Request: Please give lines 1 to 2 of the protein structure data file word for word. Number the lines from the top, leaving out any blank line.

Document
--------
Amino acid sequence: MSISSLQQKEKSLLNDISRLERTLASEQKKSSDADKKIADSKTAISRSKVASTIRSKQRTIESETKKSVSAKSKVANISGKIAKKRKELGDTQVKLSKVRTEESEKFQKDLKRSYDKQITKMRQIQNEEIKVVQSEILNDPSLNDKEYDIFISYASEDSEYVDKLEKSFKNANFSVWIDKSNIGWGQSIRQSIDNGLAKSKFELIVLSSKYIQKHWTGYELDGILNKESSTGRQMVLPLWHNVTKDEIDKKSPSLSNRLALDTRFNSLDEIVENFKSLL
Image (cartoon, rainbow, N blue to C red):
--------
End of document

Amino acid sequence: MSISSLQQKEKSLLNDISRLERTLASEQKKSSDADKKIADSKTAISRSKVASTIRSKQRTIESETKKSVSAKSKVANISGKIAKKRKELGDTQVKLSKVRTEESEKFQKDLKRSYDKQITKMRQIQNEEIKVVQSEILNDPSLNDKEYDIFISYASEDSEYVDKLEKSFKNANFSVWIDKSNIGWGQSIRQSIDNGLAKSKFELIVLSSKYIQKHWTGYELDGILNKESSTGRQMVLPLWHNVTKDEIDKKSPSLSNRLALDTRFNSLDEIVENFKSLL
Image (cartoon, rainbow, N blue to C red):